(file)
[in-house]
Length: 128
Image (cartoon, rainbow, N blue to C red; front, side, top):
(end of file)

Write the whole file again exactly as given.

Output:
[in-house]
Length: 128
Image (cartoon, rainbow, N blue to C red; front, side, top):